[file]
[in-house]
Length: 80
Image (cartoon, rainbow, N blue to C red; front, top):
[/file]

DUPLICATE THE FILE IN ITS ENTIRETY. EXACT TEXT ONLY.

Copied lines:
[in-house]
Length: 80
Image (cartoon, rainbow, N blue to C red; front, top):